Arun Jaitley, president of the Delhi University Students’ Union (DUSU) and convener for JP’s student- and youth-wing organisations, was sleeping at the back of his open courtyard in Naraina on the night of 25 June when he heard someone climbing over his wall. He peeped out and saw his father arguing with some policemen at the gate.
His father told them that his son had not returned home that night. The policemen took his father to the local thana and let him off with a warning that if Jaitley returned home he should report to them. Jaitley presumed the policemen were making preventive arrests for the planned national satyagraha on 29 June.
He quietly made his way out from the back entrance of his house and into the service lane, and spent the night at a friend’s house in the same colony. In the morning, some boys from the Akhil Bharatiya Vidyarthi Parishad (ABVP), the Bharatiya Jana Sangh’s student wing, picked him up from his friend’s and escorted him to the university.
It was around 10.30 am but they managed to gather some 200 students, mostly ABVP members, a sizeable number considering that Delhi University was closed since the process for new admissions had begun. Jaitley was unaware that an Emergency had been imposed, but he knew that several senior leaders had been arrested.
The students gathered outside the vice chancellor’s office and Jaitley, as DUSU president, made a speech. An effigy of Mrs Gandhi was burnt. Some lecturers and others had arrived to see what the commotion was about.
Jaitley later recalled what happened at the university that morning:
“We learnt that there was a huge police force led by PS Bhinder, DIG (Range), surrounding the whole place, waiting to take us into custody. I asked my companions Vijay Goel [now a Delhi BJP leader] and Rajat Sharma [now a well-known TV anchor] to disappear and announced that I would court arrest. However, on the off chance that I would manage to escape, I requested Prabhu Chawla [now a prominent journalist], another ABVP colleague, to meet me with his scooter at a little-known side entrance of a university building. I did manage to temporarily evade the police, but when I reached the assigned spot I found that Chawla was not there. He had ditched me. Later we learnt that he, Balbir Punj [former BJP MP in the Rajya Sabha] and Shriram Khanna had signed the Twenty Point Programme.”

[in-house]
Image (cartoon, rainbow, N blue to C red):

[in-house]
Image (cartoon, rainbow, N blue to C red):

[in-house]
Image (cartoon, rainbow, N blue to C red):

(Pledging support to Mrs Gandhi’s Twenty Point Programme during the Emergency was a way to declare that you had disassociated yourself from oppositional activity and now supported the government.)
Jaitley was caught by the police and taken to the Alipur police station where they filled out a blank MISA warrant form in his name. He was bundled into a police van and taken to Tihar jail.
While in the police station, he and the others who had been rounded up heard the news about the imposition of the Emergency on a transistor radio. They also came to know that censorship of the press had been imposed, because when one of the ABVP boys had telephoned the Evening News to request coverage of the rally, he was told that censorship laws were in place.
Jaitley was put in Ward No. 2 of Tihar jail along with many other political prisoners. Charti Lal Goel, a local politician, was the oldest. He asked expectantly if there was a bandh all over the city to protest against the large-scale arrests. Jaitley had to explain that there was a fear psychosis in the capital and that Delhi was quiet.
The conditions in most jails were appalling. They were overcrowded, the sanitary arrangements were practically non-existent, there was an acute shortage of water, the food was nearly inedible, medical arrangements were inadequate and the whole atmosphere was oppressive.
Delhi’s Tihar central jail could accommodate 1273 prisoners. But on 26 June 1975 there were already 2669.21 The number of inmates would rise to 4250 by March 1976. Water and sewage services were sufficient for only 750 people. The water pipes had corroded and were leaking. All water tanks, WCs and cisterns were broken and no major repairs had been carried out in the past eighteen years.